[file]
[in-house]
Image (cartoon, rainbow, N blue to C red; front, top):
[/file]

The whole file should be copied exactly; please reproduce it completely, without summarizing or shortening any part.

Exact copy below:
[in-house]
Image (cartoon, rainbow, N blue to C red; front, top):